Douglas Fir for Cutting Boards: The Pros and Cons


There are a lot of different types of wood that can be used for cutting boards. Some woods, like Maple, are popular because they are durable and resist bacteria. Other woods, like Walnut, have a beautiful finish and are resistant to moisture. So, should you use Douglas Fir for your next cutting board?

In this blog post, we will discuss the pros and cons of using Douglas Fir for this purpose!

What Is Douglas Fir And Where Does It Come From?

Douglas fir is a species of conifer that is native to North America. The tree grows to a height of 200-250 feet and has a trunk diameter of up to 5-6 feet. The Douglas fir is one of the tallest and heaviest trees in North America.

The wood of the tree is strong and modernly durable, making it an excellent choice for construction purposes. The tree is also a popular choice for Christmas trees. The scientific name for the Douglas Fir is Pseudotsuga menziesii.

douglas fir wood

The Pros Of Using Douglas Fir For A Cutting Board

While Douglas Fir may not be the first wood that comes to mind when you think of cutting boards, it has a lot going for it. For one thing, Douglas Fir is very strong and durable, making it ideal for withstanding the rigors of daily use in the kitchen. 

Additionally, Douglas fir’s generally straight, or slightly wavy grain pattern makes it resistant to moisture and bacteria, both of which are important considerations when choosing a cutting board material.

So, if you’re looking for a beautiful and functional cutting board, Douglas Fir is worth considering. Just be sure to oil it regularly to keep it looking its best.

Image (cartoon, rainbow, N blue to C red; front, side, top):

The Cons Of Using Douglas Fir For A Cutting Board

As beautiful as Douglas Fir is, it’s not the best material for a cutting board. 

Here are some of the reasons why:

  • It’s softwood, which means it will dull your knives quicker than harder woods.
  • Douglas fir is also a coarse grain wood, so it’s more likely to crack and split over time.

If you’re set on using Douglas Fir for your cutting board, make sure to sand it down well and oil it regularly to extend its lifespan. But overall, they are a good option out there for cutting boards.

Which Wood Should You Use For Your Next Cutting Board Project?

The ideal wood for cutting board material would be the hardest, stiffest wood available that is also stable and durable. Unfortunately, these woods are also the most expensive. 

Examples of these are Hard Maple, Cherry, and Walnut. If you’re working on a budget, then Douglas Fir is a good option. 

End Grain Cutting Board – Douglas Fir

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What Woods Should You Not Use For A Cutting Board?

So, what woods should you avoid using for a cutting board? Let’s take a look at some of the most common offenders.

  • Softwoods: Softwoods, like Pine or Cedar, are not ideal for cutting boards. They’re simply too soft to withstand the rigors of daily use. Over time, they will start to show signs of wear and tear, including scratches, dents, and gouges.
  • Porous Woods: Porous woods, like Red Oak or Cherry, are also not ideal for cutting boards. They tend to absorb liquids, which can lead to staining and bacterial growth. In addition, they’re difficult to clean and sanitize properly.
  • Toxic Woods: Finally, some woods are simply toxic and should never be used for cutting boards. These include woods like Redwood and Yew, which can release harmful chemicals into your food.

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Kevin Nelson

I will always have a special place in my heart for woodworking. I have such fond memories working on projects with my parents on the weekends in the garage growing up. We built tables, shelves, a backyard shed, 10' base for a water slide into the pool, 2 story fort playhouse with a fire pole, and so much more. This woodworking blog allows me to write helpful articles so others can enjoy woodworking as much as we have.

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